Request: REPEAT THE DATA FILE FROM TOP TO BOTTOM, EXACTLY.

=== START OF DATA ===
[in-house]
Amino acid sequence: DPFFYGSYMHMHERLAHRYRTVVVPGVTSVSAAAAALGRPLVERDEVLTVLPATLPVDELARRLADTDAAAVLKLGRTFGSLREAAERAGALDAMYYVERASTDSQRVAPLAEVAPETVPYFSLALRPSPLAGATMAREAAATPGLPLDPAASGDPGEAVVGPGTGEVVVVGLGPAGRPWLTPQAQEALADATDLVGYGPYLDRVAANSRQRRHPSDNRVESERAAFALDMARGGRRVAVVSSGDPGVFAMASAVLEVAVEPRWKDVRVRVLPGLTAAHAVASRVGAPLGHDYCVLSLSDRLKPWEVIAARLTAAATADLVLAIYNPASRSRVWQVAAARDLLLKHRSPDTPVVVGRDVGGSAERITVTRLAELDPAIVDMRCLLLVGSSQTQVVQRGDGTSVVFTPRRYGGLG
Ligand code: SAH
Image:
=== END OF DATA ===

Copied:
[in-house]
Amino acid sequence: DPFFYGSYMHMHERLAHRYRTVVVPGVTSVSAAAAALGRPLVERDEVLTVLPATLPVDELARRLADTDAAAVLKLGRTFGSLREAAERAGALDAMYYVERASTDSQRVAPLAEVAPETVPYFSLALRPSPLAGATMAREAAATPGLPLDPAASGDPGEAVVGPGTGEVVVVGLGPAGRPWLTPQAQEALADATDLVGYGPYLDRVAANSRQRRHPSDNRVESERAAFALDMARGGRRVAVVSSGDPGVFAMASAVLEVAVEPRWKDVRVRVLPGLTAAHAVASRVGAPLGHDYCVLSLSDRLKPWEVIAARLTAAATADLVLAIYNPASRSRVWQVAAARDLLLKHRSPDTPVVVGRDVGGSAERITVTRLAELDPAIVDMRCLLLVGSSQTQVVQRGDGTSVVFTPRRYGGLG
Ligand code: SAH
Image: